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YOU Stories

Rosalind's Story - The First

How I Find Living With a "J" Pouch
(or an ileo anal anastomosis - with staples)

In some ways, in a similar vein (or intestine) as a number of people who name their stoma I have a personal affinity with my pouch - though I don't name it.  I think of my pouch as full, needing to be emptied, as being a bit runny or gassy tonight, or as being very good because it's slow.  But often I don't think of my pouch at all, just like the old fashioned way of going to the toilet, you only thought about it when you were in need and hopefully only once a day (before U. C.).

I needed bowel surgery after having suffered Ulcerative Colitis for two years.  I had my J Pouch operation finalized in October 1994.  It was a three- stage procedure where the large bowel was removed in March 1994 and an ileostomy made, the pouch created and a loop ileostomy made in August 1994 and finally the loop ileostomy closed in October- 1994.  My health improved immediately- though I have everything in control now, it took two to three months for the pouch to settle into routine after the operation.

My day to day life is not much different to the way it was before Ulcerative Colitis except that I have learnt to live with less pressure - i.e. I've learnt a lot about myself and what causes me stress.  Illness can be a great time to really learn about yourself and just shows how some good can come from all experiences.

The reason for my writing this article is to give prospective pouchees and their families, one person's day to day experiences in how their pouch works. I feel some of the quite personal details are not often discussed with the people facing this operation.  Somehow it seems easier for people with ostomy bags to discuss how their stomas work, maybe because stomas are often thought of as third persons, but our bottoms are very personal.  A pouch, I believe, is very similar to an ileostomy, it just empties from a different place into a different receptacle.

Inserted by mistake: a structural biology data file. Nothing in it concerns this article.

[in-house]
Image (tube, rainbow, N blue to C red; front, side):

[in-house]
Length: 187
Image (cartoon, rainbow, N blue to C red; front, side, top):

So OK down to the juicy details .... I need to go to the toilet to empty my pouch about seven times a day.  I've had to really think about this, because I don't count. I rarely have to get up at night.  A lot of this depends on how soon after dinner you go to bed. I DO HAVE CONTROL.  If I need to go to the toilet but cannot get there I can hold on for about an hour, I do not feel absolutely desperate in that time, I am quite comfortable and I'll go to empty the pouch when it is convenient.

Part of the control question is being able to tell the difference between gas and faeces so that you can release the gas.  (In a suitable place of course!)  YES I can tell the difference.  At times I can be quite gassy but I don't avoid gassy foods altogether.  I don't know how I know, but I do, it feels different.